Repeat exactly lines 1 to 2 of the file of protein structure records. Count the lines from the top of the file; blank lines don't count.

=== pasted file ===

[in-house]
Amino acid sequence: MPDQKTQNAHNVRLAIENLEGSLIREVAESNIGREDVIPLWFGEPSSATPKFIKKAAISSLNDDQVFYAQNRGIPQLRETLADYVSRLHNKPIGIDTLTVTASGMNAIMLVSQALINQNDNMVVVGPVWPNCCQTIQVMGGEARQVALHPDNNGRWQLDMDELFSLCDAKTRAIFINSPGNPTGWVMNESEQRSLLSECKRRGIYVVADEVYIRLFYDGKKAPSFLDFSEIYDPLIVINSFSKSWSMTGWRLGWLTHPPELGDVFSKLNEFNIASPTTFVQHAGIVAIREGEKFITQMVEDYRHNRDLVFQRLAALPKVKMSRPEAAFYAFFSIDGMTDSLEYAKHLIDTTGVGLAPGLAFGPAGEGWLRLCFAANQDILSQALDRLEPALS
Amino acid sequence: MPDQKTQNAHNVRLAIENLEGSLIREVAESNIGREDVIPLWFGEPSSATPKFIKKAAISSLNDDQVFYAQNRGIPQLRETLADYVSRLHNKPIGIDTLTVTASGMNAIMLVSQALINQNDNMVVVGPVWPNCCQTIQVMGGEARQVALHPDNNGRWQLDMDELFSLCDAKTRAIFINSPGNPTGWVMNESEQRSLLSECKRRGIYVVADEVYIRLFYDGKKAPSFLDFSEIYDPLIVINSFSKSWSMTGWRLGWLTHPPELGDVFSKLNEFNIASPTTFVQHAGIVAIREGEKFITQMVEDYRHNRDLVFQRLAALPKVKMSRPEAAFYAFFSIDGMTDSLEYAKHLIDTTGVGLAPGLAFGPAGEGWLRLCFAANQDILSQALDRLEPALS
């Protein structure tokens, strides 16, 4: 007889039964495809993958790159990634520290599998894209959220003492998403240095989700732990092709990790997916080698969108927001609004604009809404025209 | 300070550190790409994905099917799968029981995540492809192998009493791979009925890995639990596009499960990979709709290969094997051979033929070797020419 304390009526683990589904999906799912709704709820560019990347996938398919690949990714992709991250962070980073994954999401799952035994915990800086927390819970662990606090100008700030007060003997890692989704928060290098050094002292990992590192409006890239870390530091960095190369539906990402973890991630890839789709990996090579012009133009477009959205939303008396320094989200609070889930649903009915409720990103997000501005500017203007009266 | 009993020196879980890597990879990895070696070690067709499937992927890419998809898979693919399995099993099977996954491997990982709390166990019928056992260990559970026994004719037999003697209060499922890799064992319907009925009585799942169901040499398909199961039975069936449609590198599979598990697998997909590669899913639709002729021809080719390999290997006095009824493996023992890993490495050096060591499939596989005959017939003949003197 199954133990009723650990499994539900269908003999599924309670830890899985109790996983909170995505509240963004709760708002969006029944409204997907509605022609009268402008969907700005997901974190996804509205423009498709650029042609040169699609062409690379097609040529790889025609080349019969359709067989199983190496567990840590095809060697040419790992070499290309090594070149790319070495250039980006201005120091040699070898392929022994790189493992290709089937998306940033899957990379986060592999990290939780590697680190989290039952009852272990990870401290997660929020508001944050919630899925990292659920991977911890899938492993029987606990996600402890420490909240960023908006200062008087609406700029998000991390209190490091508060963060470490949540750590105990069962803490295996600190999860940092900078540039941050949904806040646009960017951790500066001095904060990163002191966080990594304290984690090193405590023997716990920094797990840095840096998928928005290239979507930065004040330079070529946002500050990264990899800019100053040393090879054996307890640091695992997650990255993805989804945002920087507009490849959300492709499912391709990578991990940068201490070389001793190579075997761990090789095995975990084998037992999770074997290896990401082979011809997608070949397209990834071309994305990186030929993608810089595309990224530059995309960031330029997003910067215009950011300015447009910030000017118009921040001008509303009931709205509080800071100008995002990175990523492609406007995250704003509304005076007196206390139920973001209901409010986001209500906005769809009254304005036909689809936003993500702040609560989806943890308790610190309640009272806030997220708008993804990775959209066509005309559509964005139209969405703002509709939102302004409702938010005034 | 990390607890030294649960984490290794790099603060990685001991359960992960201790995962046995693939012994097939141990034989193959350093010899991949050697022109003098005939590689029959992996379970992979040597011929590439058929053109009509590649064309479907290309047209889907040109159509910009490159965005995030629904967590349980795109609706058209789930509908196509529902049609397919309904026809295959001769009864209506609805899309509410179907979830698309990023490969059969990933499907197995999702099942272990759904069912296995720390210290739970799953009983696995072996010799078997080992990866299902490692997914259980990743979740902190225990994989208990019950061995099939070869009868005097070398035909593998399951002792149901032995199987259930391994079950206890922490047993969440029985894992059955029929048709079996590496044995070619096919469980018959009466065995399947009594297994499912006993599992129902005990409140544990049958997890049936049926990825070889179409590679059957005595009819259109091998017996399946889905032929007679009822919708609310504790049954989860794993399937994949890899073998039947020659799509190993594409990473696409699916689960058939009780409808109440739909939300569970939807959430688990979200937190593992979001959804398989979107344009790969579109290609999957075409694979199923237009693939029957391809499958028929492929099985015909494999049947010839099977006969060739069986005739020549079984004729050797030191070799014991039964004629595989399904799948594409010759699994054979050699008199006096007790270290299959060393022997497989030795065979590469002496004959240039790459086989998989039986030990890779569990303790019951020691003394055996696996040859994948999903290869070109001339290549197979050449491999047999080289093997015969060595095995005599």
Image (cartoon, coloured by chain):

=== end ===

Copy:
[in-house]
Amino acid sequence: MPDQKTQNAHNVRLAIENLEGSLIREVAESNIGREDVIPLWFGEPSSATPKFIKKAAISSLNDDQVFYAQNRGIPQLRETLADYVSRLHNKPIGIDTLTVTASGMNAIMLVSQALINQNDNMVVVGPVWPNCCQTIQVMGGEARQVALHPDNNGRWQLDMDELFSLCDAKTRAIFINSPGNPTGWVMNESEQRSLLSECKRRGIYVVADEVYIRLFYDGKKAPSFLDFSEIYDPLIVINSFSKSWSMTGWRLGWLTHPPELGDVFSKLNEFNIASPTTFVQHAGIVAIREGEKFITQMVEDYRHNRDLVFQRLAALPKVKMSRPEAAFYAFFSIDGMTDSLEYAKHLIDTTGVGLAPGLAFGPAGEGWLRLCFAANQDILSQALDRLEPALS